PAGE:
Chesil Beach from Portland

Chesil Beach

British beaches are often portrayed as long strips of white, sugary sand enclosed by frothy water on the one side and greenery on the other. Chesil beach is different. It has a rustic feel with its shingled surface and windy atmosphere. Nonetheless, tourists consistently rate Chesil as part of UK’s top 10 beaches. The award-winning romantic film, On Chesil Beach, is only fitting to this unspoilt beauty. The Chesil bank, after all, looks majestic with the four elements playing together, creating a symphony– the shingle, the sea, the wind, and the sunny sky.

Location

Located in Dorset, Southern England, the Chesil Beach is commonly mistaken as a tombolo because it is connected to a mainland, that is the Isle of Portland. But geographers discovered that it is actually a barrier beach, protecting Weymouth from harsh winds and ravaging waters, that rolled inwards. This 18-mile pebbled stretch is also part of the infamous UNESCO World Heritage Site, Jurassic Coast, which covers Dorset and East Devon.

Chesil Beach is also the title of a famous book by Ian McKewan, which was recently turned into a cititcally aclaimed film. Many of the film’s scenes were shot at Chesil Beach and neaby.

Features

The Chesil Beach runs 28 kilometres (or 18 miles) in length and 160 to 200 metres in width (depending on the tide), connecting West Bay in the north to Abbotsbury and then to Portland in the south. The area is blessed with about 180 billion pebbles that vary in composition (e.g., quartzites, cherts, flints, etc) and sizes (fist-sized to pea-sized). The stone texture in West Bay is finer than in Portland.

Facilities

Car parks are available at different stations (e.g., Visitor Centre, Moonfleet, Abbotsbury, West Bexington, and Cogden). Among the popular ones are the Visitor Centre, West Bexington, and Abbotsbury. All three have cafes, parking lots, and restrooms for personal necessities. Some have viewing decks for tourists to conveniently check the horizon and relax before exploring.

The Chesil Beach can also reached by train from Dorchester or by bus from King’s College, Cineworld, Sandbanks beach, and Tesco.

Things to do

Hiking is obviously a must-do when in Chesil Beach. Because of the pebbled trail, sturdy closed shoes are recommended. Other access points like the Burton Bradstock and Cogden have wilder natural formations that may not be appropriate for children but they’re perfect for the physically active and the adventurous people.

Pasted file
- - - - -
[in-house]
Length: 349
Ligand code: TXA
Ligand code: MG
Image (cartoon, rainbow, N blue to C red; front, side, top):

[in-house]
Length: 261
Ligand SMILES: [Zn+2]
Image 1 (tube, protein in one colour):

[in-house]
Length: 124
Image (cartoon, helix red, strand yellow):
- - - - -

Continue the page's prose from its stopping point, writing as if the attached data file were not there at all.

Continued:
Visiting the Abbotsbury swannery is also a must-do. It boasts of more than 500 swans seeking refuge in the Fleet Lagoon. Those wishing to destress by filling in their senses with nature’s goodness can explore the entire Abbotsbury Subtropical Gardens, which is a 20-acre treasure of exotic plants and trees. Diving and other water activities in Jurassic Coast are also available to those who seek aqua adventures.

Furthermore, a pack of restaurants and cafes with different food offerings is present in Portland, the reason why a typical Chesil trip has become a food and social affair. Since the beach gets crowded during summer and autumn, you may want grab the opportunity to socialise and meet new friends.

Other beaches nearby

At the southernmost part of the beach strip is the Chesil Cove, which attracts novice divers because of the shallow waters. Beach hoppers can also jump from Chesil to other equally stunning nearby beaches such as the Isle of Portland, Jurassic Coast, Sandbanks Beach, and Weymouth Beach. Nearby attractions like the Portland Lighthouse, Jurassic Skyline, and Portland old castles are welcome to tourists who prefer land discoveries.

Image credit: Chesil beach from Portland
cc-by-sa/2.0 – © Alex McGregor – geograph.org.uk/p/2541113

Post Author: Constance Davidson